This is one way to do it:

This method `to_multi_gpu`

gets a `model`

(defined using Keras 2.0 over a single GPU), and returns that same model replicated (with shared parameters) over multiple GPUs. The input to the new model is being sliced evenly and each slice is passed to one of the replicated models. The output from all the replicated models is concatenated at the end.

```
from keras import backend as K
from keras.models import Model
from keras.layers import Input
from keras.layers.core import Lambda
from keras.layers.merge import Concatenate
def slice_batch(x, n_gpus, part):
"""
Divide the input batch into [n_gpus] slices, and obtain slice number [part].
i.e. if len(x)=10, then slice_batch(x, 2, 1) will return x[5:].
"""
sh = K.shape(x)
L = sh[0] // n_gpus
if part == n_gpus - 1:
return x[part*L:]
return x[part*L:(part+1)*L]
def to_multi_gpu(model, n_gpus=2):
"""
Given a keras [model], return an equivalent model which parallelizes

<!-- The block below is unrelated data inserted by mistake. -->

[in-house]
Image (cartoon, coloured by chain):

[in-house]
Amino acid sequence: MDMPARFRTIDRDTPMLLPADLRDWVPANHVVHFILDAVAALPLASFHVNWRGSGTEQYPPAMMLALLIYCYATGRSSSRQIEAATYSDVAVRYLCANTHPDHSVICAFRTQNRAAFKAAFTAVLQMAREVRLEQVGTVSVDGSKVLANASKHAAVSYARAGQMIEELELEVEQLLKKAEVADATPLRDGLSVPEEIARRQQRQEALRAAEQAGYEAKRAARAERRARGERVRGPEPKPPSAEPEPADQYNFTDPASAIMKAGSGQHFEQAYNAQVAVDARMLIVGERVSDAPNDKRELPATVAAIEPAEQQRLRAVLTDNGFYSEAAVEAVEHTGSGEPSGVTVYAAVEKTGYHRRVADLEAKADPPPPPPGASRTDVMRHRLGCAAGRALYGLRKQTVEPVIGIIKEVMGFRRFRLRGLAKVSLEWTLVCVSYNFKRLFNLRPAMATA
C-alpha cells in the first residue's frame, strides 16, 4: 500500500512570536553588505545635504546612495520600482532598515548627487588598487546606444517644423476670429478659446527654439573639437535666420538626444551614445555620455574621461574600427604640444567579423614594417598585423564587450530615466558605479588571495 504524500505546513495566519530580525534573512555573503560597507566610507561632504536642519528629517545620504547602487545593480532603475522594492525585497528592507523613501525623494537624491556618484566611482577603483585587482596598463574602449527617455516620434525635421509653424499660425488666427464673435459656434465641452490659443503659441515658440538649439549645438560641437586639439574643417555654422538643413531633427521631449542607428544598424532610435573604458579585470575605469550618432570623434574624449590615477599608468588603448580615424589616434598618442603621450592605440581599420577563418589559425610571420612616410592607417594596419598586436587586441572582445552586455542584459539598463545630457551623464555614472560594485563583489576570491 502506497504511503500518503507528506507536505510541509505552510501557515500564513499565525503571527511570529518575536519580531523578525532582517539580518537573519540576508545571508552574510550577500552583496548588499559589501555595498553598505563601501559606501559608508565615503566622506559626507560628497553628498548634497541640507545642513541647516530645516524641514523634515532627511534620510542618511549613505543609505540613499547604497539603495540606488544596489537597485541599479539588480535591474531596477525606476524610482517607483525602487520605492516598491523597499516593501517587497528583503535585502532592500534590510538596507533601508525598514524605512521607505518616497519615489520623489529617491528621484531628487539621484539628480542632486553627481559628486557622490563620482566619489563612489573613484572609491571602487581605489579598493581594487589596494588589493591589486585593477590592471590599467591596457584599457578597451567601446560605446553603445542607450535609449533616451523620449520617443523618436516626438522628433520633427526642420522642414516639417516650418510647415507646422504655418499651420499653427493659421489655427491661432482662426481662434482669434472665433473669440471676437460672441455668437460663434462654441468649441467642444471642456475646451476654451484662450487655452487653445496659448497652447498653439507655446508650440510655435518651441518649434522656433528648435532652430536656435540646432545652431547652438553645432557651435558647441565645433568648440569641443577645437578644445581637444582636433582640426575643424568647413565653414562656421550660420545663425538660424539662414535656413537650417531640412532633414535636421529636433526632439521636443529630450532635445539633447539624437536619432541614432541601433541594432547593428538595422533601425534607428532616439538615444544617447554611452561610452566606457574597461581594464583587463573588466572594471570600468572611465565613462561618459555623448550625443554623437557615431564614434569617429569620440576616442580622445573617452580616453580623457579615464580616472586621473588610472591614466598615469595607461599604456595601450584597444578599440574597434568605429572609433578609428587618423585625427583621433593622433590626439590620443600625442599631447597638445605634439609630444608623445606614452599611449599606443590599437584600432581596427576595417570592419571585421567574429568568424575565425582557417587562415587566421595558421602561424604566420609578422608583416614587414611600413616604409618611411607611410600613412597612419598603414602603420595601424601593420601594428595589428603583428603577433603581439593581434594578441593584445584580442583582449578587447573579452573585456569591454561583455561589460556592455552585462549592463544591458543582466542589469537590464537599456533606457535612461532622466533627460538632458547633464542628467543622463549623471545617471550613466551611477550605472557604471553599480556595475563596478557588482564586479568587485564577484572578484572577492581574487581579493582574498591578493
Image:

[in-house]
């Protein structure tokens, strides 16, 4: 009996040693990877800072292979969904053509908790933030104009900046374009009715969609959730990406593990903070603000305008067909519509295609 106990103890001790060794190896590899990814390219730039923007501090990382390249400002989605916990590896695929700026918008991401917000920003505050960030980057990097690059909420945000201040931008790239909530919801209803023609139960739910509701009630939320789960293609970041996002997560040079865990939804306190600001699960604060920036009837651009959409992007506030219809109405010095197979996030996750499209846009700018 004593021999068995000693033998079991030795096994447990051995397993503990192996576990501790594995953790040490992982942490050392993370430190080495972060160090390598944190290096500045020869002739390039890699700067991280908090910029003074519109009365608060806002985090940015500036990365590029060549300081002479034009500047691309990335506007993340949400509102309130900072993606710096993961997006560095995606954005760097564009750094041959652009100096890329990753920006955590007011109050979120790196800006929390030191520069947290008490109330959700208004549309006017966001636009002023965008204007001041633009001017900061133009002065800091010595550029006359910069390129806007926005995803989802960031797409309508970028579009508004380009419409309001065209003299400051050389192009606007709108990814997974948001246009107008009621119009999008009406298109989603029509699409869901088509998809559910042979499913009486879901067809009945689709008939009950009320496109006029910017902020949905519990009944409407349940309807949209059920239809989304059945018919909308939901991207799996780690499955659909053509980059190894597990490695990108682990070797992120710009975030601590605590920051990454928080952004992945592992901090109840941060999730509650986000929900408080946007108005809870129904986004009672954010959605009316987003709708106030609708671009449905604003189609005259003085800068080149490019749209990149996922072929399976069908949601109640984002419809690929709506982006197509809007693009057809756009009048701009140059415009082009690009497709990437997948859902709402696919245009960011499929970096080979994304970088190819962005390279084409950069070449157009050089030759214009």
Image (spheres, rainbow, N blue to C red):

the computation over [n_gpus] GPUs.
Each GPU gets a slice of the input batch, applies the model on that slice
and later the outputs of the models are concatenated to a single tensor,
hence the user sees a model that behaves the same as the original.
"""
with tf.device('/cpu:0'):
x = Input(model.input_shape[1:], name=model.input_names[0])
towers = []
for g in range(n_gpus):
with tf.device('/gpu:' + str(g)):
slice_g = Lambda(slice_batch,
lambda shape: shape,
arguments={'n_gpus':n_gpus, 'part':g})(x)
towers.append(model(slice_g))
with tf.device('/cpu:0'):
merged = Concatenate(axis=0)(towers)
return Model(inputs=[x], outputs=[merged])
```